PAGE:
Home Entertainment Ashley Judd Wants To Help #MeToo Survivors, Writes Open Letter About Healing

Ashley Judd Wants To Help #MeToo Survivors, Writes Open Letter About Healing

The 50-year-old Judd spoke at Time's Up event on Saturday -- Tribeca Talks.

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Actress Ashley Judd — who recently made headlines by filing a complaint against the now disgraced producer, Harvey Weinstein, claiming he harmed her acting career — now wants to help other #MeToo survivors!

Ashley Judd Wants To Help #MeToo Survivors, Writes Open Letter About Healing
Image Source: Page Six

The 50-year-old Judd spoke at Time’s Up event on Saturday — Tribeca Talks — where the actress read an open letter written by her over the importance of healing after sexual misconduct. The star shared the latter with Refinery 29 on Tuesday.

Judd — who is one of the first women to come forward accusing the former movie mogul, Weinstein, of sexual harassment or sexual assault in The New York Times‘ first expose in October 2017 — wrote, “We can heal. That has been my experience.” She continued, “We may not, admittedly, know how to, or even from what we need to heal. It may be the event itself, or vivid or dull memories of it, and it is entirely plausible that we don’t even remember the event.”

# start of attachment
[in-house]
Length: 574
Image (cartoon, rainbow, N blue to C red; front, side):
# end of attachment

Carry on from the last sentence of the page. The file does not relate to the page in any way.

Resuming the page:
“There is a police record of a time I was sexually assaulted in high school. I was wearing a green and gold cheerleader uniform, my mother tells me. It was in a local store, and I have no memory of that crime,” she went on to write. “We may not even think we need to heal, that maybe we’ve just had some crappy relationships. Whatever trauma looks like in our lives, feelings can be healed.”

The actress listed the multiple ways survivors choose to heal from the sexual misconduct. “What happened to us will always have been wrong, sexist, and criminal, yet we are fundamentally and ultimately responsible, respondable to our own lives,” she said. “This may sound harsh, but it means we have autonomy, we are powerful, and we have agency.”

“You are not alone, I believe you, and it wasn’t your fault, by now are our internal paradigm,” the actress wrote. “We cease taking people, places, and things so personally, and what was that rage Tarana [Burke] spoke about becomes our strength, our energy, and our motivation. What was depression becomes expression, and self-pity and helplessness are transformed into dignity, integrity, and courage. We celebrate and enjoy our sexuality. We prosecute and forgive at the same time.”

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